A member of a list that I am on asked how I teach dogs impulse control.
This is my answer:
Generally as a standard exercise, I teach what I call the motivational “Off”. That is about leaving food (and I repeat the process with a tug toy). If the dog tries to grab it, I take it away, and if the dog waits, I give him or her permission to get it.
The difference between this and the traditional “leave it” is that the motivational “off” means, if you control yourself, you get what you want. Whereas “leave” usually means “you’ll be in trouble if you touch it or refuse to let go”. It’s more like external control, as well as being reprimand-based. But even if people teach “leave” by means of reward, there is a difference.
I ran a course for therapy dogs and handlers. I said the dog has to leave food that has been placed on a low table, Most people said “if I tell her to leave it, she won’t touch it”. My reply was “That’s good as far as it goes, but it suggests to me that her default setting is to grab it unless she is restrained either physically or by command/cue”. What I like is to turn that around – the default is to leave it UNTIL the handler gives a release to take it. The default setting is internalised behavior, not command-based or externally imposed control.
I use the same principle for not barging through the door. The dog’s default is to wait until asked to come in, go out, say hello to the visitor at the door etc. The onus is on the dog to offer the calmness and controlled behavior.
How often do I see people who have been told that their dog should sit before being released in the park, engaged in a physical struggle with an over-excited dog, and then when the handler succeeds in forcing the dog into a sit position, they let the dog go. There is no point in this. I would wait until the dog has calmed him or herself down enough to sit and wait, which then earns the release.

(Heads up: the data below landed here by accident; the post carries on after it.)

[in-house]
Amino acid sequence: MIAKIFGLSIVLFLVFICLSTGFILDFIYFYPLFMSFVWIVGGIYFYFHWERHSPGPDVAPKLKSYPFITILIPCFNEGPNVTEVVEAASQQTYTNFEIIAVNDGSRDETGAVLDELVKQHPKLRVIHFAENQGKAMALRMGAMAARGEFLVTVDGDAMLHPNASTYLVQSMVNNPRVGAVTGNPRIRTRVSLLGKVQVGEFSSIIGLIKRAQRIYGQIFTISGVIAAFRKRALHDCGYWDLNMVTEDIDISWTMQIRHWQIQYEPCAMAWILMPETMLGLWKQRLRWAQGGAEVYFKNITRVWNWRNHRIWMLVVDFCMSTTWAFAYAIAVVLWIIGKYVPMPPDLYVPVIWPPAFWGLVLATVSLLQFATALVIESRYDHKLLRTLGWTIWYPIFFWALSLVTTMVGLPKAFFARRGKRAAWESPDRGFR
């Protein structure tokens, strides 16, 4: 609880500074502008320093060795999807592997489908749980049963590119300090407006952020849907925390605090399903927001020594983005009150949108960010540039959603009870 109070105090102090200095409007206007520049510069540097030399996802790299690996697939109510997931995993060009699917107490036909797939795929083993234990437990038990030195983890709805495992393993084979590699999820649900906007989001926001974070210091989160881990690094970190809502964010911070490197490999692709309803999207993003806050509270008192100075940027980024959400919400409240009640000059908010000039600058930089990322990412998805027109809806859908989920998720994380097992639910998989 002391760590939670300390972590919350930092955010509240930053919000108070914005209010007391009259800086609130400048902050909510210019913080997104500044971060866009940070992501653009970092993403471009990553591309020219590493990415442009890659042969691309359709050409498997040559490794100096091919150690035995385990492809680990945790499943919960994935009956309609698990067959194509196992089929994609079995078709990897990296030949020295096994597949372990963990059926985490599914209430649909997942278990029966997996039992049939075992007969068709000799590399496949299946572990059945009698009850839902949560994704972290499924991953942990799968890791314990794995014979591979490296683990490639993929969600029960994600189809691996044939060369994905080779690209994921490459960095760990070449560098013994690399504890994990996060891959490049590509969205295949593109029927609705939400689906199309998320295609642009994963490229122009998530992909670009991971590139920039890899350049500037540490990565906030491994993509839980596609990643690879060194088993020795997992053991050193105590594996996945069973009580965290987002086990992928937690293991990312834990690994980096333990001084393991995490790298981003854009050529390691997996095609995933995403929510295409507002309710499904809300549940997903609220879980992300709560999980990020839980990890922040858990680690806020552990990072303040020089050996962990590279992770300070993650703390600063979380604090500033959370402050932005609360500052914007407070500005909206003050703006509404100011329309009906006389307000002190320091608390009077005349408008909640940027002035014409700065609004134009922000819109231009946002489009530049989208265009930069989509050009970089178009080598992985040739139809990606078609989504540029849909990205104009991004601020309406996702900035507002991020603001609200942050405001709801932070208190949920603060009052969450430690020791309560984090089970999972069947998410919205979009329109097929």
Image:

Another example is in Treibball, where impulse control is needed. The dog has to be controlled around the ball, but still be motivated. The dog shouldn’t charge at the ball and grab it, bite it or paw at it. The dog has to go past the ball, turn around, wait and then push it. We achieve this by having a helper lift the ball away as soon as the dog tries to make a move to grab the ball. Eventually, when the dog has learned self-control, his or her reward is to be cued to push, which most dogs find rewarding.
The other thing I have been doing with anxious and reactive dogs is using the “security blanket” approach. We use pure shaping, with no luring, guidance or kickstarting to get the dog to offer to go to a small mat and eventually to lie down. This is the dog’s choice. We then shape signs of relaxation, such as lying down, curved body posture, lying on one thigh, head down, relaxed ear position and facial expression and so on.
The choice to be calm and relaxed is something the dog can learn and then learn to do in the face of some stress or challenge. We reinforce “good choices” but also increase the dog’s ability to self-regulate.
For excitable dogs, I like Ian Dunbar’s idea of “take the batteries out”. Teach the dog to “bounce” on cue. This can mean jumping up and down, or any hyped up activity, then alternate with stopping, sitting or lying down. Initially the handler can stop-start the dog, and with practice the dogs learn to go from highly excited to very calm and relaxed of their own accord.
So you see, there are many variations, but there is an underlying theme – get the dog to learn self-control and be rewarded for offering the appropriate behavior and the internal state that goes with it.